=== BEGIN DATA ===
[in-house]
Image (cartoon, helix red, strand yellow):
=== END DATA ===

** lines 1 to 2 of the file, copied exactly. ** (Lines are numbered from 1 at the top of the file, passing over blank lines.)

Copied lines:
[in-house]
Image (cartoon, helix red, strand yellow):